Dear American Dream,
It has been a little while since we’ve last communicated. I suspect you’ve been busy searching for yourself of late, and I, well I have been searching for my place within you. There was a time when I believed that we shared a common connection, almost umbilical, but that time has passed, not instantaneously like the scissors’ slice though. Rather, it has been an eroding like rain on a hillside that has been stripped of it trees.
Do you recall the time we shared together our ideals of equality for all peoples everywhere? Do you remember the evening we spent together before a most possible dawn, a dawn of increasing radiance that shone over the land with an infectious spirit of “unlimitedness”?
I haven’t forgotten those ideals. I haven’t forgotten that dawn. I will admit, however, that my energy to strive for those ideals and to dream for another dawn has been waning. My tank of desired true personal freedom and liberation needs to be refilled.
I need to be frank with you, for humanity’s sake. Are you still viable in today’s United States? Today’s world? Have you been reduced to a lifestyle? Are you defined as an increased income yearned for by some amongst the world’s poor should they make it across your borders? Or, are you a car in the driveway maybe, and/or a home on a street named for a tree?
I assure you I am not minimizing the situation of the less-fortunate human beings who call our land a foreign nation. Remember, I communed with them for a short period of my life. What I am trying to say to you is: should we work to redefine you, make you again an endless expanse of possibility? I apologize for assuming that you are not that expanse, but only if my assumption is unequivocally wrong.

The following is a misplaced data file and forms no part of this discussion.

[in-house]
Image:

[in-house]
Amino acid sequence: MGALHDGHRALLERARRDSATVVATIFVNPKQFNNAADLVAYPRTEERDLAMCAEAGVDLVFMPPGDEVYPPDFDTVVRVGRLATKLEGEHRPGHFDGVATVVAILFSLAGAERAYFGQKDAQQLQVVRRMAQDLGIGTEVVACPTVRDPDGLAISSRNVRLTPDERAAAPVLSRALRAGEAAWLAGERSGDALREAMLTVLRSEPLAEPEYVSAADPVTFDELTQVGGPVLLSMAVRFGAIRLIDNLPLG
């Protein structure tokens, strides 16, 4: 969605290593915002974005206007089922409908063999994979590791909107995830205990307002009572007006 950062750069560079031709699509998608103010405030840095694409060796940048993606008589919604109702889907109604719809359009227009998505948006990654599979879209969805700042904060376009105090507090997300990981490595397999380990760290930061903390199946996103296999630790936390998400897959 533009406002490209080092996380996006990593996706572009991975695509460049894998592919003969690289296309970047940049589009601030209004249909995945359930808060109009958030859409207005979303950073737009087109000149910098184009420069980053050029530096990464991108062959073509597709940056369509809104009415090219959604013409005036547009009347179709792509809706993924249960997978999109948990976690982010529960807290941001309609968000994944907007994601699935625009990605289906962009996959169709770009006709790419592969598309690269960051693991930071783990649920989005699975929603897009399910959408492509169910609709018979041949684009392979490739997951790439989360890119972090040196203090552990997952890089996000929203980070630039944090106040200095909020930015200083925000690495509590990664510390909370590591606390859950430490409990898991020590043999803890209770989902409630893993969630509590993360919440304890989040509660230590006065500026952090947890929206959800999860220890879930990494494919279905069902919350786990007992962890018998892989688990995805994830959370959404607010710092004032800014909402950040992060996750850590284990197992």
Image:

How might we go about doing this act of redefining? Should we begin with your history? This may prove difficult though. You are an abstract notion.
Maybe we should ask, first, what does it mean to be “American?” How did this word develop, and how has it developed throughout our vernacular?
Couple that with a dream, a fictitious place of imagination and vision. In your case, you are something wished for, something that is strongly desired by more than one person.
Hmm. Allow me to digress a bit here. If many persons are trying to attain an abstract ideal, does this suggest that the ideal is really many ideals and not one? Meaning, could each desirer really being seeking the same ideal? And if the ideals are constructed by individual desires, desires that are perhaps selfish in nature to begin with, could it be said there is no one dream? Of course similarities amongst all the dreams could lend themselves to unifying into one general theme of the dream. Is this what we have now? Or, are you, American Dream, whatever you need to be for each person that desires you? This could be viewed as strength, couldn’t it? Your elasticity, if you will permit me to call it that, is what makes you so desirable. You can be many things to many people. Is this a good thing, this flexibility?
I suppose that such a characteristic is generally viewed as being positive. I think we should allow for caution to enter here though. Even the rubber band, a very flexible tool, breaks when it is stretched too far and when it is overused and worn out. Have you been stretched too far, overused, or worn out? How have you been maintaining yourself since the last time we talked?
It appears I have reached the end of my space on the page. I will send more to you next week. Do take care of yourself.
(written 13 February 2005)